Structurally that is a great thing. Despite the fact that Alder is generally one of the softer hardwoods, it’s pretty stable. At least mine is. It hasn’t bowed, cupped or moved significantly since I got it to the shop months ago, to planing , milling, etc. No swirly grain, so minimal tear-out (unlike maple.)

So my dilemma was how to incorporate that into this project. The maple top would doubtlessly take most of people’s attention, but I really wanted something of a complimentary contrast for the base. That’s when I decided to experiment with staining.

Now understand that I hate staining. I really do – I much prefer leaving wood alone. As I said before, I am not an advocate of “faking” woods- if I want something to look like Walnut then I would rather use Walnut then put a Walnut stain on say Maple.

So for me, staining Alder was a bit of an adventure. And I have a confession here – like most people the reason I am so opposed to staining wood, aside from the fact that most woods look fine on their own, is that I have had negative experiences in coloring wood and I have reservations about coloring products. I’ve put on “golden oak” stains on woods only to have the wood to take on a school bus yellow look. That is very disappointing, especially at the end of a project.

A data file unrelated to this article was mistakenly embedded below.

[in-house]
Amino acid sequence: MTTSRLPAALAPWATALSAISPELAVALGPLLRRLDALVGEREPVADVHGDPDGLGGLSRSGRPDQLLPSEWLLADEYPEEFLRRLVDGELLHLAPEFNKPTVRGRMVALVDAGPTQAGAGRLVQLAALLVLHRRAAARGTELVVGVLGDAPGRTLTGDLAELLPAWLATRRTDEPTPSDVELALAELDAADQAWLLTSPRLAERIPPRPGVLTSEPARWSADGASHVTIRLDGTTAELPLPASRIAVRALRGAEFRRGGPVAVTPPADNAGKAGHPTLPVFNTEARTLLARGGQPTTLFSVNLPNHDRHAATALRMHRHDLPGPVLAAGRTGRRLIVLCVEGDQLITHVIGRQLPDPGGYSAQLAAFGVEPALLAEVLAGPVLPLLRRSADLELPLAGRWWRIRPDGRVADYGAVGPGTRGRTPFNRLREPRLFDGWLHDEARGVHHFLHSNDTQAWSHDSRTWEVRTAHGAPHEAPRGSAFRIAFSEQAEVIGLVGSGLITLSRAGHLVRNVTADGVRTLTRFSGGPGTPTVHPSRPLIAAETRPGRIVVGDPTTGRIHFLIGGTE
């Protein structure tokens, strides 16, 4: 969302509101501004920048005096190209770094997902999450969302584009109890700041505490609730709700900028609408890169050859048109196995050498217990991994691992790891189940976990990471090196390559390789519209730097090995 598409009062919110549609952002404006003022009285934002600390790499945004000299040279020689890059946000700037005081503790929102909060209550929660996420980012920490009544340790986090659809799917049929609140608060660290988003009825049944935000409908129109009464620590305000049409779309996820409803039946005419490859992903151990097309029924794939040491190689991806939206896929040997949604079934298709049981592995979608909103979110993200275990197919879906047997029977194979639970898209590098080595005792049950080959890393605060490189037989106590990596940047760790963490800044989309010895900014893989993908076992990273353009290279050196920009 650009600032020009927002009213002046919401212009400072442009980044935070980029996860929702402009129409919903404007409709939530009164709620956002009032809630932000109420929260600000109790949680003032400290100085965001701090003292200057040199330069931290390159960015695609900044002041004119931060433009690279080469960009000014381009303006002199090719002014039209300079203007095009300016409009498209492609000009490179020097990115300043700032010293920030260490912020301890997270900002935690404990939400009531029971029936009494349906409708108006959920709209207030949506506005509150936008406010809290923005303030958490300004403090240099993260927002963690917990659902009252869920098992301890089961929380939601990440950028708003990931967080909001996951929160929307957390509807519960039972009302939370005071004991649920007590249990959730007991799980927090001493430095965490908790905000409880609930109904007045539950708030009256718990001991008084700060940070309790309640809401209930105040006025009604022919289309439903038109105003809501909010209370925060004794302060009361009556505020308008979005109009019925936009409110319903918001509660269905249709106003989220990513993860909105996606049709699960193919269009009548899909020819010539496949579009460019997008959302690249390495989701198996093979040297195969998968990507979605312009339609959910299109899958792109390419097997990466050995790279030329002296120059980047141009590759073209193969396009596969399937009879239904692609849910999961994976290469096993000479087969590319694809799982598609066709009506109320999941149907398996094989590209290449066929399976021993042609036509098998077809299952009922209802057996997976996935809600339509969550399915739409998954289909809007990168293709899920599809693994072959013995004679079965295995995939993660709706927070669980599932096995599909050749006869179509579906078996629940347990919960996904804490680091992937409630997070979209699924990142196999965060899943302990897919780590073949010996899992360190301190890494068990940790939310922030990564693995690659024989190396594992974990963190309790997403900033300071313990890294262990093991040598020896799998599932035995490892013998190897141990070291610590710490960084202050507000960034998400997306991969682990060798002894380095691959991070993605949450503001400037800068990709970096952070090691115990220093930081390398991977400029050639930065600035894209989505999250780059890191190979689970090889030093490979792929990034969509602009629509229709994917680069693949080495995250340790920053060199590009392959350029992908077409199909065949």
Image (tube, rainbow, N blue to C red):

So I avoided staining and dyeing because I didn’t want to risk the challenge. So I read up on my Flexner and Jewitt, and took the plunge. I started mixing colours, using them on test boards, which made me think of Bob Ross. No mistakes, only happy accidents.

I decided to document this as best as possible with some photographs and make a mini-blog series about how it turns out. Hopefully it won’t be a project ruiner. I would have made some video but my camera sucks. So only photos for now.

Below I have some photos of the Alder in its natural state after I milled it:

Up close – tenon shoulder. I noticed that Alder was extremely brittled near the end grain. I think you can probably nick the ends of tenons by rubbing it too hard with your fingers. Splinter free tenon shoulders are hard to achieve.

Here’s the Alder getting ready for some chisel work – mortises. On top of my workbench, which is made of construction grade Douglas Fir, you may be able to see how plain the Alder looks. Even my workbench wood had more figure / depth!

Another shot of the alder prior to getting ready for finish sanding:

-- Making mistakes is essential in learning woodworking.

1 comment so far

View chrisstef's profile


18138 posts in 4294 days

#1 posted 04-01-2013 08:13 PM

TLDR but i do love me some bob ross:

-- Its not a crack, its a casting imperfection.